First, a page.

You probably have figured out by now that I have a lot of favorite plants. Since it’s autumn, I get to talk about one of my favorite native plants that is in its full glory right now.
The American beautyberry is really putting on quite a show in Mississippi with clusters of bright purple berries.
American beautyberry is commonly found on the edges of woodlands all across the state. It is widely found east of the Mississippi in the mid-Atlantic and Gulf Coast region of North America.
Despite its native status, American beautyberry is quite at home in the landscape. Beautyberry comes in different maturity sizes and berry arrangements, but all are referred to as beautyberry in garden centers and nurseries.
Beautyberry is a great native deciduous plant that has three seasons of interest. Small, pink flowers appear in the leaf axils of paired leaves in the spring. Unfortunately, these flowers are inconspicuous but play an important role for later in the season. The summer foliage is a rich green that provides a good background for summer-blooming perennials and shrubs.
In the fall, beautyberry joins Mother Nature’s color chorus as its leaves transform into a deep, rich purple. However, the berries are the real fall show. Bright, shiny, purple berries are arranged in clusters at the leaf nodes all along the arching stems. The purple berries appear to have a metallic quality when sunlight reflects off them. Quite often the berries persist well into winter.
If this isn’t your color, you will be happy to learn you are not limited only to purple berries. Alba is a white-berried selection of American beautyberry whose groups of shiny, white berries stand out in shady nooks in the garden and landscape. The berries of Welches Pink have a lustrous, pink-blush sheen.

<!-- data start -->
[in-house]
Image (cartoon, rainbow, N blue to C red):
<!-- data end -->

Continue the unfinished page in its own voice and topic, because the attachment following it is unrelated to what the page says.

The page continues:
If you like variegated plants, try the variegated beautyberry called Duet. The foliage is green with variable yellow margins, and it produces white berries.
Duet has a special place in the garden for me because I discovered this selection. It is the only stable variegated beautyberry in the nursery trade. Check local nurseries for availability.
American beautyberry grows up to 4 feet tall and wide. In north Mississippi, this plant may die back to the ground in severe winters. It is a good practice to prune the plant back in early spring to about 6 inches. This practice creates a fuller and more compact plant when new growth appears.
Beautyberry has a loose and open habit. One plant can be attractive, but a grouping of two or three creates a full cluster. The plants cross-pollinate to ensure the fullest fruit production. Beautyberry tolerates dry soil conditions and part shade, but the healthiest plants and best fruit production happen in full sun. Be sure to maintain consistent soil moisture for best performance.
Beautyberry works well tucked in behind other fall-blooming plants. They add a soft background during the summer months and dazzle in the fall with their metallic-colored berries.
Be warned that these beautyberry selections may not be available at all local nurseries, so do your research early and ask for them where you buy plants.
Gary Bachman is an associate extension research professor of horticulture at the Coastal Research and Extension Center in Biloxi. His Southern Gardening column appears in the Daily Journal Home & Garden section twice a month.